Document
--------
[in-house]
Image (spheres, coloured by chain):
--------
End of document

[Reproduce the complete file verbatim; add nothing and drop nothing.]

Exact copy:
[in-house]
Image (spheres, coloured by chain):